As B'Tselem reports, in October 2011, settlers from Karmei Tzur threw stones at Palestinians demonstrating against what they claimed was the seizure of their primarily privately owned land forming the special security area (SSA) surrounding the settlement, which settlers can enter freely, while the Palestinian landowners must obtain special permits to enter. A Palestinian photographer who was filming the events was injured, while apparently security officials from the settlement and Israeli soldiers did not intervene.[15]

In February 2012, Karmei Tzur resident Zehava Weiss, a teacher, was attacked with stones and bricks near the Palestinian town Beit Ummar while driving to Karmei Tzur. Although her car was armored, the windshield was shattered and the exterior was dented in several places. According to her, similar attacks are a near daily occurrence. Following the incident, two suspects were arrested near the Palestinian town of Al-Khader.[16]

The settlement is home to Reuven Bel-Uliel, the father of the alleged attacker in the Duma arson attack, and a rabbi at a yeshiva in Karmei Tzur. The Ben-Uliel family released a statement supporting their son and protesting his innocence.[17]


  1. ^ "List of localities, in Alphabetical order" (PDF). Israel Central Bureau of Statistics. Retrieved August 26, 2018.
  2. ^ a b c "Settlements list". Peace Now. Archived from the original on 18 July 2011. Retrieved 23 November 2011.
  3. ^ "LAND GRAB. Israel's Settlement Policy in the West Bank" (PDF). B'Tselem. May 2002. p. 111.
  4. ^ "The Geneva Convention". BBC News. 10 December 2009. Retrieved 23 November 2011.
  5. ^ In the data provided by the Civil Administration “there is no mention of whether the private land is owned by Palestinians or by Jews... Nevertheless, it is highly probable that most of the land that is marked here as private land (if not all of it) is privately-owned Palestinian land”."Settlement are built on Private Palestinian Land". Peace Now. 14 March 2007. Retrieved 29 March 2011.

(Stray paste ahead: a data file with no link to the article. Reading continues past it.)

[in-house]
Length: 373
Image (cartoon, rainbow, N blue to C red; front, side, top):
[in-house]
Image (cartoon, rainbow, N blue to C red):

6. ^ "G U I L T Y! Construction of Settlements upon Private Land – Official Data" (PDF). Peace Now. 2006. Retrieved 1 April 2011.
  7. ^ The word “kerem”, possessive “karmei”, is used in Hebrew to denote both olive groves and vineyards.
  8. ^ Carta's Official Guide to Israel and Complete Gazetteer to all Sites in the Holy Land. (3rd edition 1993) Jerusalem, Carta, p.257, ISBN 965-220-186-3 (English)
  9. ^ Talya Sason, Adv. (10 March 2005). "Summary of the Opinion Concerning Unauthorized Outposts". Israel Ministry of Foreign Affairs. Retrieved 24 November 2011.
  10. ^ "Dr Shmuel Gillis". Israel Ministry of Foreign Affairs. 1 February 2001. Retrieved 23 November 2011.
  11. ^ Nadav Shragai (13 June 2002). "Unity is a barricade against bereavement". Haaretz. Retrieved 23 November 2011.
  12. ^ Dr. Shmuel Gillis
  13. ^ Gideon Alon, Amos Harel and Jonathan Lis (9 June 2002). "3 Israelis killed in W. Bank infiltration". Haaretz. Retrieved 23 November 2011.
  14. ^ Margot Dudkevitch (9 June 2002). "Terrorists kill three in Karmei Tzur infiltration". Jerusalem Post. Retrieved 23 November 2011.
  15. ^ "Video: Soldiers let settlers assault Palestinian demonstrators". B'Tselem. 21 November 2011. Retrieved 23 November 2011.
  16. ^ Altman, Yair (23 February 2012). "Caught on Tape: Palestinian Hurls Brick at Car". Ynet. Ynetnews.com. Retrieved 16 June 2012.
  17. ^ Elisha Ben Kimon, 'Amiram Ben-Uliel: The handyman accused of Duma murders,' Ynet 3 January 2016.